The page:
Germany And Greece Should Look To Goethe To Resolve Their Standoff (Guardian)
Greek Currency Crisis Calls For Controlled Exit (Münchau)
If Greece Leaves Eurozone, Spain And Italy Would Be Next – Minister (ToM)
Greece To Use Nazi Army Archives For Reparation Claim (AFP)
Varoufakis: Greece Has Things Under Control (Deutsche Welle)
Germans Tired of Greek Demands Want Country to Exit Euro (Bloomberg)
Russia Was Ready for Crimea Nuclear Standoff, Putin Says (Bloomberg)
More Than a Million Hit Brazil Streets to Protest Rousseff (Bloomberg)
Beware the $300 Billion Shift Into Treasuries Coming From Japan (Bloomberg)
The Austrian Black Swan Claims Its First Foreign Casualty (Zero Hedge)
The Full Explanation Of How The ECB Broke Europe’s Bond Market (Zero Hedge)
Krugman Is Told to Read More, Write Less, by Swedish Riksbanker (Bloomberg)
A Green Light for the American Empire (Ron Paul)
How to Build a $400 Billion F-35 that Doesn’t Fly (Fiscal Times)

Anyone who still calls himself an investor doesn’t understand what goes on.

After Six Years, U.S. Stocks are Back to Normal: Chaos (Bloomberg)

Nobody said waking up from six years of Federal Reserve-induced slumber would be easy In stocks, volatility is back. The Standard & Poor’s 500 Index, which never went more than three days without a gain in 2014, has twice fallen five straight times since January. Daily equity moves exceeding 1% have jumped 50% from last year and shares tumbled 3% or more over four different stretches in the first quarter. What seems like chaos is a return to normalcy for 70-year-old investor Chris Bertelsen, who says the end of Fed stimulus is long overdue in a market that has tripled since 2009. Volatility indicators bear a resemblance to 2007, the final year of the previous bull market – which this one now exceeds by 12 months.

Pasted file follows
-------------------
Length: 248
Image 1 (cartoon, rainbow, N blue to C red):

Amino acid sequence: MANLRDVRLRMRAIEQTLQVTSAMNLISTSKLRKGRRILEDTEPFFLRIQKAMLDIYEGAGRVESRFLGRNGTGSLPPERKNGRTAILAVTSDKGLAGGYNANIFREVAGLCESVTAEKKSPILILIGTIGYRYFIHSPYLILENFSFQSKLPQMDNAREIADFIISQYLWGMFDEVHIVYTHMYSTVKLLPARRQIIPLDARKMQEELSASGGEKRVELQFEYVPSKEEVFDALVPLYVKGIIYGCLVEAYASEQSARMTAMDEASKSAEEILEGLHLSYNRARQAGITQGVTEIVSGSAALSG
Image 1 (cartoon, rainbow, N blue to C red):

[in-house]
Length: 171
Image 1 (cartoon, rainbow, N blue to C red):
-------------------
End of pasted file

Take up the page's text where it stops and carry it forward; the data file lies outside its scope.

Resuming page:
“We are so skewed by the readily available quantitative easing and that was the abnormal,” said Bertelsen, chief investment officer of Global Financial. “For many investors, particularly those that haven’t seen a period of time like this, it does create queasiness.” The market hasn’t been this turbulent since the European debt crisis three years ago as volatility in currency and energy markets spill over to equities and Fed policy makers signal a rate increase by mid-year.

Less than three months into 2015, the market has seen 15 days when the S&P 500 rose or fell 1% or more, compared with 10 days a quarter in 2014. While the index is little changed for the year and has gone 41 months without a 10% tumble, it’s had more retreats of at least 3% than any time since 2011, data compiled by Bloomberg show. After swinging 0.53% a day in 2014 in the calmest year since 2006, the S&P 500’s daily move has widened to 0.71%, versus the average of 0.76% since 1928. “What we’re seeing in the market today is a preview that this is going to a more volatile year and investors should be positioned,” said Jim McDonald at Northern Trust.

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Amen, brother.